And Finally: For those "Black Helicopter" pilots who insist that last week's purchase of Kentucky Speedway by Speedway Motorsports, Inc., signals the advent of a new, Bruton Smith-backed breakaway series to challenge NASCAR's dominance of American stock car racing, I have just one syllable to utter in response...


Bruton's breakway series -- were it to happen -- would follow in the footsteps of such notable franchises as the XFL and USFL (remember them?), the National Sprint Car League -- which lasted half a season after wooing most of the top talent away from the World of Outlaws -- and TRAC, the much-ballyhooed brainchild of Cale Yarborough, television executive Robert Wussler and former college football coach Danny Ford; which issued a truckload of press releases prior to its promised 2003 debut, then failed to sanction even a single lap of competition.

Friends, it ain't gonna happen.

Friday, May 23, 2008

ANALYSIS: Bruton's Gamble, NASCAR's Call

Yesterday’s announcement that Speedway Motorsports, Inc., has acquired Kentucky Speedway sets the stage for some interesting wrangling over the 2009 NASCAR Sprint Cup Series schedule.

SMI Chairman and CEO Bruton Smith said yesterday that he hopes to host a Sprint Cup race at Kentucky Speedway next season, but NASCAR’s willingness to approve such a move remains in serious doubt, as does Smith’s willingness to move a race from one of his other properties.

NASCAR Managing Director of Corporate Communications Ramsey Poston said today that while Smith may want a Cup race in Kentucky, he may not necessarily get one. “There are certainly some hurdles there,” said Poston, alluding to NASCAR’s longstanding contention that the Sparta, KY, oval is too close to Indianapolis, Bristol, Chicagoland and Talladega, and would further saturate an already overserved NASCAR market.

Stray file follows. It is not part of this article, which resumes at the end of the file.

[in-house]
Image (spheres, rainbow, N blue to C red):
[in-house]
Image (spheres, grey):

Simply put, a change in the ownership of Kentucky Speedway does nothing to solve the track’s location issues.

Even if Smith is able to gain NASCAR’s approval for a 2009 race at Kentucky Speedway, there is are questions about where that race will come from. NASCAR has said repeatedly that it will not add dates to the 36-week championship schedule, while stressing that SMI is free to shuffle dates between its speedways, if it chooses to do so.

Most observers believe that Kentucky Speedway’s race date will come from either New Hampshire or Atlanta Motor Speedway, but the presidents of those two tracks say they are confident that they will continue to host two races in 2009, and beyond. NHMS President Jerry Gappens and Atlanta Motor Speedway’s Ed Clark say they plan to finalize their 2009 sanction agreements with NASCAR today, and that both tracks will host the Sprint Cup Series twice next season.

“Bruton has not given me any indication at all that he's looking to change anything," said Gappens, while Clark said, "I'm tired of people bringing that up. You can go ask Bruton, you can ask me. There is no chance (of losing a race). It is not going to happen."